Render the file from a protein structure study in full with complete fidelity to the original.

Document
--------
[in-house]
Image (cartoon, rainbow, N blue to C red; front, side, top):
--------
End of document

[in-house]
Image (cartoon, rainbow, N blue to C red; front, side, top):